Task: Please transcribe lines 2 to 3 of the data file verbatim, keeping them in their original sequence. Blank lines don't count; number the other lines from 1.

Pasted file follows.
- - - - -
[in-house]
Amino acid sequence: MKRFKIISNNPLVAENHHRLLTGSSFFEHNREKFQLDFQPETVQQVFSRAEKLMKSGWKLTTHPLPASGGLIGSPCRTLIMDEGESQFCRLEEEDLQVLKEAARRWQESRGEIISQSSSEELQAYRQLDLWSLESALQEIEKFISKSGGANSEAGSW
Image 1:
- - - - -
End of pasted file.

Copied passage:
Amino acid sequence: MKRFKIISNNPLVAENHHRLLTGSSFFEHNREKFQLDFQPETVQQVFSRAEKLMKSGWKLTTHPLPASGGLIGSPCRTLIMDEGESQFCRLEEEDLQVLKEAARRWQESRGEIISQSSSEELQAYRQLDLWSLESALQEIEKFISKSGGANSEAGSW
Image 1: